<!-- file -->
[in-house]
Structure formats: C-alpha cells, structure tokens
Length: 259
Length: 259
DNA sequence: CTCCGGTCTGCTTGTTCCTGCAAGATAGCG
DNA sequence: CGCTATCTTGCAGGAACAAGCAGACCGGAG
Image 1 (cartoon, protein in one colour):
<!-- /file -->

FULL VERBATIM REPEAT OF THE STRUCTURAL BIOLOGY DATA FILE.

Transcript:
[in-house]
Structure formats: C-alpha cells, structure tokens
Length: 259
Length: 259
DNA sequence: CTCCGGTCTGCTTGTTCCTGCAAGATAGCG
DNA sequence: CGCTATCTTGCAGGAACAAGCAGACCGGAG
Image 1 (cartoon, protein in one colour):